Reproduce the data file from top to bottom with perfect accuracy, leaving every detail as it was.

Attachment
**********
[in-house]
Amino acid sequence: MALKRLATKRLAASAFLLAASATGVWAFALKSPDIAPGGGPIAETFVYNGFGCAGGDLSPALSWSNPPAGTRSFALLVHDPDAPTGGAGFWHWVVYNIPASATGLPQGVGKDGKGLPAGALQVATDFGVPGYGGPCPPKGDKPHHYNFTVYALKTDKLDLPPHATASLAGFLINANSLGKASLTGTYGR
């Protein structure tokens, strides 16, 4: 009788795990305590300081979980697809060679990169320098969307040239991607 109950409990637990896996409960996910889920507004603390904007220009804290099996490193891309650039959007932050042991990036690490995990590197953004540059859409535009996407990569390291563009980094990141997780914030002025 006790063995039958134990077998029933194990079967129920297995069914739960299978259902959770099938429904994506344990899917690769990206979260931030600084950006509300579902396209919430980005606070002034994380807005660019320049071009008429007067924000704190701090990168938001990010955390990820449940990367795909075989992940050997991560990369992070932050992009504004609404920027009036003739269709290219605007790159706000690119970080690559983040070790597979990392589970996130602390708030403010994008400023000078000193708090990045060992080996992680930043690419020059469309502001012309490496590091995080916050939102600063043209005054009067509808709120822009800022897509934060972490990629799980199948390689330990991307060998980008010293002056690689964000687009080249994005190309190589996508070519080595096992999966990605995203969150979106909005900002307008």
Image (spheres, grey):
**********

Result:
[in-house]
Amino acid sequence: MALKRLATKRLAASAFLLAASATGVWAFALKSPDIAPGGGPIAETFVYNGFGCAGGDLSPALSWSNPPAGTRSFALLVHDPDAPTGGAGFWHWVVYNIPASATGLPQGVGKDGKGLPAGALQVATDFGVPGYGGPCPPKGDKPHHYNFTVYALKTDKLDLPPHATASLAGFLINANSLGKASLTGTYGR
């Protein structure tokens, strides 16, 4: 009788795990305590300081979980697809060679990169320098969307040239991607 109950409990637990896996409960996910889920507004603390904007220009804290099996490193891309650039959007932050042991990036690490995990590197953004540059859409535009996407990569390291563009980094990141997780914030002025 006790063995039958134990077998029933194990079967129920297995069914739960299978259902959770099938429904994506344990899917690769990206979260931030600084950006509300579902396209919430980005606070002034994380807005660019320049071009008429007067924000704190701090990168938001990010955390990820449940990367795909075989992940050997991560990369992070932050992009504004609404920027009036003739269709290219605007790159706000690119970080690559983040070790597979990392589970996130602390708030403010994008400023000078000193708090990045060992080996992680930043690419020059469309502001012309490496590091995080916050939102600063043209005054009067509808709120822009800022897509934060972490990629799980199948390689330990991307060998980008010293002056690689964000687009080249994005190309190589996508070519080595096992999966990605995203969150979106909005900002307008």
Image (spheres, grey):